The opinion of the court was delivered by: ZIEGLER
The parties have stipulated as to the material facts and have submitted opposing motions for summary judgment. We find that the trustees of the Plan did not act in an arbitrary and capricious manner, and therefore defendants' motion for summary judgment must be granted.
John P. Gallagher served as president and chairman of the board of Chemetron Corporation from 1968 until 1977, when the corporation entered into a merger with a newly-formed, wholly-owned subsidiary of Allegheny International, Inc. As a result of the merger, Allegheny acquired all of the outstanding capital stock of Chemetron. Allegheny, also a defendant in this action, became administrator of the Chemetron Retirement Plan.
At the time of the merger, plaintiff and four officers of Chemetron held outstanding stock options under the Chemetron Stock Option Plan. However, under the terms of the merger, plaintiffs and the other officers with stock options executed an option cancellation agreement. This agreement required the option holders to surrender their option rights in return for a cash payment equal to the difference of the option price and the "market value" of the number of shares subject to option. "Market value" was defined as the average of the five highest of the last sale prices for common stock on each of the 15 full trading days immediately preceding the date of merger. Plaintiff was paid the sum of $423,250.
After serving the merged corporation for three years as a consultant, plaintiff retired in October 1981. Shortly before retirement, he applied for pension benefits under the Chemetron Retirement Plan. Plaintiff was informed that the trustees of the Plan had determined to exclude the payment for the stock option buyout as part of plaintiff's "compensation." (Under the Plan, a monthly pension benefit is based upon the participant's average monthly compensation during the five consecutive calendar years within the last ten calendar years of service which yield the highest average.) According to plaintiff, the failure of the trustees to include the option cancellation payment from plaintiff's compensation resulted in a reduction of his pension benefits in the amount of $1,567.09 per month.
After the Employee Benefits Appeal Committee denied the claim, plaintiff brought the instant civil action, contending that the trustees' decision to exclude the cancellation payment from the compensation figure for monthly pension benefit purposes was arbitrary and capricious. Subject matter jurisdiction is based on 29 U.S.C. § 1132.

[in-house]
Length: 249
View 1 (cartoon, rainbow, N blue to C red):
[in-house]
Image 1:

As the parties have noted, the standard of review is narrow in an action challenging an administrative decision in a pension plan governed by ERISA. We are limited to determining whether the trustees' act was arbitrary or capricious. Wolf v. National Shopmen Pension Fund, 728 F.2d 182, 187 (3d Cir. 1984). As a reviewing court, we must determine whether the challenged decision resulted from a "consideration of the relevant factors and whether there has been a clear error of judgment." Bowman Transportation, Inc. v. Arkansas-Best Freight System, Inc., 419 U.S. 281, 285, 95 S. Ct. 438, 442, 42 L. Ed. 2d 447 (1974). In short, unless we find that the decision is irrational, we must uphold the decision of the trustees. Federal Communications Commission v. National Citizens Committee for Broadcasting, 436 U.S. 775, 803, 98 S. Ct. 2096, 2116, 56 L. Ed. 2d 697 (1978).
In the instant case, the trustees interpreted the definition of "compensation" in the Plan and determined that the cash payment to cancel the stock option did not fall within the definition. Under the Plan, compensation is defined as follows:
Plaintiff argues that the trustees violated the plain language and intent of this clause by excluding the stock option cancellation payment as compensation. Plaintiff maintains that the options were granted in 1973 and 1976 as "incentive compensation," designed to keep plaintiff in the employ of Chemetron and to encourage him to maintain or increase the profitability of the corporation. Plaintiff concludes that the payment marked the liquidation of this "compensation."
Defendants view the payment in a different light. They argue that the payment was not compensation for personal services but a contractual settlement negotiated as part of the merger agreement. It is this interpretation of the stock option cancellation agreement that we must consider in ...